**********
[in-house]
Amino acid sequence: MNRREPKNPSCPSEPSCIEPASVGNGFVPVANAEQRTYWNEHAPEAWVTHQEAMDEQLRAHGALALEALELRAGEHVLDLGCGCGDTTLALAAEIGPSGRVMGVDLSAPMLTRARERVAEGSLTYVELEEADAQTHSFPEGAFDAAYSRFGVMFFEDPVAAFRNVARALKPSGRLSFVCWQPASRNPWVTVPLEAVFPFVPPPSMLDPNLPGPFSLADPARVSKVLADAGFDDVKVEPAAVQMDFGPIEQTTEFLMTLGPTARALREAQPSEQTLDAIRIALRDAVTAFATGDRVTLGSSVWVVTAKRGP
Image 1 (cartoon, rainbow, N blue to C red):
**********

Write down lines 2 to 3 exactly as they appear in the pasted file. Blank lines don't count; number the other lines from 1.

Amino acid sequence: MNRREPKNPSCPSEPSCIEPASVGNGFVPVANAEQRTYWNEHAPEAWVTHQEAMDEQLRAHGALALEALELRAGEHVLDLGCGCGDTTLALAAEIGPSGRVMGVDLSAPMLTRARERVAEGSLTYVELEEADAQTHSFPEGAFDAAYSRFGVMFFEDPVAAFRNVARALKPSGRLSFVCWQPASRNPWVTVPLEAVFPFVPPPSMLDPNLPGPFSLADPARVSKVLADAGFDDVKVEPAAVQMDFGPIEQTTEFLMTLGPTARALREAQPSEQTLDAIRIALRDAVTAFATGDRVTLGSSVWVVTAKRGP
Image 1 (cartoon, rainbow, N blue to C red):